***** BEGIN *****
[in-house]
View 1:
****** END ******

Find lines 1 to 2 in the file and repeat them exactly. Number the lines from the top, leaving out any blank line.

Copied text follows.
[in-house]
View 1: